Presented to his vision an odd spectrum
    Of all the hues in his own countenance.
    Fatigue encircled eyes of blue beheld this sight; entranced,
    Aged eyes, so out of place within an infant face,
    Beneath, a brow now creased in admiration
    Of this image, now pinched in trepidation.
    These linemants were shimmering about a pallid bruise
    Which matched a smear of clay upon his nose
    And set in contract pursing, cherub lips
    That hinted at a word they could not use.
    He craned his neck as if to kiss a face just out of reach
    Because the flower's fragrance drew him,
    Drew him as a story draws the teller to its close
    While every listener yearns for further speech.
    His forehead met the flower as his breath sought out the source.
    His inhalations dimmed the odor's power,
    Foolishly, he forced his face beyond the blossom's stem
    To know again that first intensity.
    Between his eyes and down his nose the petals passed,
    Tickling. Mouth agape, about to laugh,
    He grasped the stem. Pain turned the unborn laugh
    into a moan which never reached an ear.
    For agony now made the moan a scream;
    A scream to spread across the rolling plain,
    Competing with the shadow of a cloud;
    A scream to mute the distant peal of thunder.

    "Think, what sound intrigues this gnarled ear?
    Is that the mild call on high
    Of some winged thing, unlikely to appear?
    A stray fowl sending forth it s sigh,
    Escaping not my hearing but my eye,
    A melancholy bird which haunts my nights
    With painful dreams of family and city?
    The name I seek. The name eludes my tongue,
    Just as the little beasts on which I prey,
    Drowsy at the dawn or dusk of day
    Or when they are abandoned in love's play,"

    The old man flinched, his hand flashed to his lips.
    He gasped mid-sentence and continued,
    Hear my footfall and elude my grasp!"
    The old man paused and pondered silently,
    "How many months since I last spoke aloud?
    Now would I ever hear my voice, I vowed,
    Lest God afflict me once more with that passion
    Of prophecy, which proved to be my ruin"

    He voiced these words in something like a croak,
    Clad only in a patched and crumbling cloak,
    The old man limped, and leaned upon a staff.
    His limpid, green eyes danced about his face,
    Seeking out the author of the sound,
    His glance flew up and all about the clouds.
    His eyelids fluttered in the rising wind.
    Then, his gaze descended to the ground,
    Alighting on what first appeared a mound
    Of sod erected as a monument
    Which some wayfarer leaves to mark his passage,
    His failing eyesight so construed an infant's naked breast.
    The old man drew near and beheld in wonder
    This mound of flesh heave with a scream
    Which floundered in a second clap of thunder.

    "No mound of earth, but flesh, sounds cries",
    He mumbled as he hobbled to a stone beside the child.
    He sat, a king athrone before a subject lowered in obesience.
    And with a condescending manner thus consented to an audience.
    "Whose child are you?" His only answer, silence.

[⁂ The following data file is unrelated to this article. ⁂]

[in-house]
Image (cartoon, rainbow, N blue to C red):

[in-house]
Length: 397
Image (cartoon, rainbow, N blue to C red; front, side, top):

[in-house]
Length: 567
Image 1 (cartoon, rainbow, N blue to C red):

The old man was confounded by this reticence.
    He spoke again, his manner free of pretence.
    "My name is Abba." Filled with innocence,
    The child's eyes met his. He now discerned
    The cause of that first utterance he heard.
    "Abba!" He declared. "Ba Ba", the child echoed.
    "In truth, you are a baby! Now, your name?"
    "A Ba A Ba Ab", the infant babbled.
    Delighted, Abba's' old frame shook with laughter.
    "You call yourself Baab and it is Baab I shall know you as hereafter.
    A name without etymology for one without genealogy."

    Thunder sounded somewhere. As they listened,
    The rain, disguised as wind, came,
    As it fell upon their heads it christened
    An infant, of uncertain parentage, who had no name.
    Upon the baby's brow the water glistened.
    The droplets gleamed upon his face like stars beyond a known astronomy.
    Abba's hand erased the smudge of clay
    And brushed away from Baab's lips the carcass of a bee.

    With these words, ancient Abba's tale concluded.
    In opposition to him by the fire,
    Deliberating what next to inquire,
    Young Baab stared into the flames and brooded.
    Abba's patience soon began to tire.
    He raised his voice again, and so, intruded
    Upon the thoughts of Baab. He alluded
    To their silence, hoping to inspire
    Another question. "Old age has so dulled
    My vision! I am blind in this dim light.
    I cannot see you. Tell me, does my sight
    Affect also my hearing? Has it lulled
    This sense to sleep beside it on this night?
    Or have these many words which I have culled
    In composition been too often mulled
    Above our fire? Do you find them trite?"
    Baab,startled by his words, withdrew
    His vision from the flames. He watched the face,
    Its every feature vivid, yet not trace
    Of an expression in that pallor. "You
    Have often told the story of the place
    In which you found me. Would you give a true,
    Account of where I came from if you knew?"
    Abba's visage now revealed a trace
    Of melancholy, irony, and dread.
    He did not speak of what was on his mind.
    "Anciently there was a tongue, declined
    With endings as those languages now dead,
    Whose similarity made all speech rhyme,
    And prose a difficult and somber deed.
    Perhaps a language such as this I'd need
    If such an answer you would have me find."
    Before Baab's response could pass his lips
    The darkened night air quivered with a sound
    Of some small creature, huddled to the ground
    Whose fragile voice's beauty could eclipse
    Baab's thoughts and Abba's. Neither found
    The will to speak. Each placed their finger tips
    To still the other and, as something sips
    Nectar oblivious, each one drank down
    To its last note that precious melody.

    - Sitaram